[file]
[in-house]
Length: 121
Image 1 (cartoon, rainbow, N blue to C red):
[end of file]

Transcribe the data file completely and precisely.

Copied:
[in-house]
Length: 121
Image 1 (cartoon, rainbow, N blue to C red):